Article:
Rough Scan
April 190-
DEAR CHRISTINA, - Mr Scott lives in a flat. We took the parcel to him this forenoon. The house is no' in a genteel locality, and just as well, for the brown paper was jimp, and it opened out a good bit and let through a white tape string. Miss Celandine was mad, and even Miss Jean said she would have preferred a parcel with some sense of decency.
Florence is a fine flat town, I'll no' deny that; but if Edinburgh was laid out as flat, it would be bigger nor Florence. There are bonny hills round about, with self-contained houses strinkled on the braes, very like Corstorphine. We had a drive in the afternoon in a public park they call the Casheeny. We hired a machine by the hour-a sort of an open cab-the chairge being much the same as we pay in Edinburgh. The horse was much the same too, but worse :- no' a stylish shape; high at the head and tail, and an awfu hollow in its back. But I'll warrant you never saw a horse in Scotland with pheasant's feathers stuck in its head like a tirara, and a red worsit tossel dangling under its chin! Poor beastie, it took its time, and I enjoyed mysel' fine. Miss Celandine said she didna care for funerals as a rule, but she's aye for driving like Jehu. By the time we got home it was one hour and forty-seven minutes, chairged two hours. Cabmen are terrible imposing-they are that.
The porter here-he's an oldish man-can speak English fine through having resided in Glasgow a good few years. He is married on a Glasgow woman; poor thing, it must be a waesome change for her. He started by remarking "Good morning," or "Fine wezzer," but foreigners are quicker at makin' friends than Scotch folk, and when the young ladies were in at the tabbledot (that's what they call pot-luck), we had a chat thegither at the front door. He aye sits there in a kind of a glass box to watch the folk come in and out, in a blue coat with brass buttons, and a white shirt.
"I haf one wife," says he.
"The usual number." says I, civil, but distant-like.
"Zee usual?" says he.
"Number," says I, but he didna lift me, so I changed the subjeck.
"I hope your wife is very well," I says.
"Much veryweller, thankyou," says he to me.
Appearingly she had been ill, so I asked him if she was lying. Would you believe that he was black affronted! He thought I meant was she tellin' lies! Foreigners must be awfu slow at the uptak; and him been in Glasgow for very near seven year. When I got him pacifeed (it took a good whihie), he made out to say "She not in bed lies," and invited me to my supper at their house next Setterday. He goes home every night late, but on Setterdays he gets away soon. It will be a fine ploy, and I'll be glad to meet with a Glasgow woman: I hope she's no' had time to take on the Italian accent.
Miss Jean has been lookin' kind-o' dwobbly the last two-three days. She reads over much; I'm a powerful reader mysel', but I dinna approve of young folk aye puttin' their eyes out over their books. I'm thinkin' mebbe she needs strengthening, and I'm going to try some stuff that I saw well recommended in an adverteezement at the end of the guide-book. It said "Absolute Specialities for stomach sufferers, and Convalescent People. Double Beefsteak, the best and most triumphing reconstituent, preferred by Stomach sufferers. To sale at the behind-coming shops." One of the shops mentionate was Danieli Calderai. I'll warrant that's neither more nor less than Daniel Calder in plain English, so I'm just goin' away out to get some of the double beefsteak from him. Miss Jean says she's no' a stomach sufferer. But you dinna ken; she might be if the disease wasna arrested before it began.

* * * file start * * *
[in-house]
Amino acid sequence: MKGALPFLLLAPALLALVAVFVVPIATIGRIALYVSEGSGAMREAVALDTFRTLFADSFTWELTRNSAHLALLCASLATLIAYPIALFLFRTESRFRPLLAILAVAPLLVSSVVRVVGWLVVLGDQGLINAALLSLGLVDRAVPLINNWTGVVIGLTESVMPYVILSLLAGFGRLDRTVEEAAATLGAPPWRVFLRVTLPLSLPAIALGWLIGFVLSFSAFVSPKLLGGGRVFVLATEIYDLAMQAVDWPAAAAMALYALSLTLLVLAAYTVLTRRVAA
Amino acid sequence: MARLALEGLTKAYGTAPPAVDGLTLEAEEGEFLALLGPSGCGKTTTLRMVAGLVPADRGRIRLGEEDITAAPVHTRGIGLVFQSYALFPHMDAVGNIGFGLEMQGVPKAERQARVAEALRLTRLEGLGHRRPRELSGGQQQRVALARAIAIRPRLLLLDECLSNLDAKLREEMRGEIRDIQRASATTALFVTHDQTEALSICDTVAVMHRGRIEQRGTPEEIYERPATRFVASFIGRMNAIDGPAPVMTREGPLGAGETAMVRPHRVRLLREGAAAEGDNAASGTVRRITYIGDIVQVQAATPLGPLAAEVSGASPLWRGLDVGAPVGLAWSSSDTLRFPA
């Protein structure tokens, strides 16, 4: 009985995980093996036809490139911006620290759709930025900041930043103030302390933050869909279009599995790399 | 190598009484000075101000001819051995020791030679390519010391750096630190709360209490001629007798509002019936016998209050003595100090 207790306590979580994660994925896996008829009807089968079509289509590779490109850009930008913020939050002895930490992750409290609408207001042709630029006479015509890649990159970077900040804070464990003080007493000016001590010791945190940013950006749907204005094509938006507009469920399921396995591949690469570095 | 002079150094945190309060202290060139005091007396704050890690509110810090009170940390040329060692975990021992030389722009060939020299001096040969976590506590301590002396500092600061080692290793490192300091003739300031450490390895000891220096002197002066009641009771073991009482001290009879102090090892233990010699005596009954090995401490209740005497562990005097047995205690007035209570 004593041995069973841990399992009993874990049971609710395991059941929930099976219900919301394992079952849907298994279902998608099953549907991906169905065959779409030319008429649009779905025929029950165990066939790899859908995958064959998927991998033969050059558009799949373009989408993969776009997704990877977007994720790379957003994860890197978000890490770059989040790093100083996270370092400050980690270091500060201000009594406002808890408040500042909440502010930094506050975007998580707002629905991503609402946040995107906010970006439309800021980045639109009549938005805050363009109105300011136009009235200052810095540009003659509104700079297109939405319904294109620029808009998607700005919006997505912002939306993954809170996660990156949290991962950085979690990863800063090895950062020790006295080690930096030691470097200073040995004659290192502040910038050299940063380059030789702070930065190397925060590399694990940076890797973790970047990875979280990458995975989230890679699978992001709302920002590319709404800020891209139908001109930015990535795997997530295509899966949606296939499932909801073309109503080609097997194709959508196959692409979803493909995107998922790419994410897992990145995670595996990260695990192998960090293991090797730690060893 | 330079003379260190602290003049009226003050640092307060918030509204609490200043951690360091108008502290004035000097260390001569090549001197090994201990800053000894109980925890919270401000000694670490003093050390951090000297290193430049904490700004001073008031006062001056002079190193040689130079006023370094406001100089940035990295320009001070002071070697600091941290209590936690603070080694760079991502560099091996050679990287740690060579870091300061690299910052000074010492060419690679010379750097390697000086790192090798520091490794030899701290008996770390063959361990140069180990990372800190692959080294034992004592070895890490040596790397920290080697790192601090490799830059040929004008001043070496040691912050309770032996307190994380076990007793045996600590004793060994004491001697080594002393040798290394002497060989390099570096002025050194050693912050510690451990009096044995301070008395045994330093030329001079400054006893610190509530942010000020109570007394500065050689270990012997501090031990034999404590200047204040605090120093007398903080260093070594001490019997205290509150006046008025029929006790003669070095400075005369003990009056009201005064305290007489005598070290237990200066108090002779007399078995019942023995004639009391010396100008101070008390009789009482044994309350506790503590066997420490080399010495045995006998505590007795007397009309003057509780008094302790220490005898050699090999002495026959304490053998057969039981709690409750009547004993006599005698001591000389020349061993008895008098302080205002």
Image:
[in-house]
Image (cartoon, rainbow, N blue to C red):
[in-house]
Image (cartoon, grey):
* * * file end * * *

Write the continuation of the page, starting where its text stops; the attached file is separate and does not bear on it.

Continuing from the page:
Never speak to me about the blue Italian sky, and the fine steady weather! Losh! it can rain in Italy just the same as it does down the west coast of Scotland: you can see that by the size of the umberellies the folks carries. Miss Celandine says they let on that thon out-sized umberellies are for the sun! But I'm no' sae blate. What do you think I saw up in a shop-window in plain English? No less than" Specialities in water-tight collars and cuffs." It's no' a wee shower that runs down your neck and up your sleeves, I'm thinkin'.
The Dwamo's no' a river at all, it's just anither of these great big Churches; and, if you'll believe me, there's more picturs here nor what there was at Rome! When I went with the young ladies to a place they call the Pity Palace, thinkin' I would see a grand king's house, here's one room after another full of nothing but picturs :- no beds, tables, chairs, nor nothing. It's terrible to think of the valuable time that's been putten off pentin' picturs. And there was a good few statutes that minded me of the Irishman that said he put on as little as he could avoid: I didna see how they could have avoided putten on less.
When we got through with the Pity Palace, which was no' before my corn was neither to haud nor bind, Miss Jean says, "Now we'll go to the Oofitsie." "What will that be, if you please, mem?" says I. "Oh, Marget," says she, "you know it's a picture-gallery." I was like to drop, when I heard it, and glad was I when Miss Celandine said she wasna for any more picturs for a whilie, and away we went home to our teas. There was an American lady standin' at the door, and she started to ask me questions. She wanted to know if the young ladies had seen the Dehlybellyarty. "No' that I'm aware of, mem," says I. "They must go," she says, says she, "it's one of the most elegant picture-galleries in Europe." "Mercy on us!" says I, "how many more are there?" She smiled kind-of pitiful like, and said there was a good few. She told me she was feeling worn-out and nervous, for she had been "drifting around trying to appreciate things" for some months. Poor lady, I was wae for her; it didna seem to go with her heart. But I had to go and get off my boot, so I will draw this long letter to a close. - Your affectionate old friend,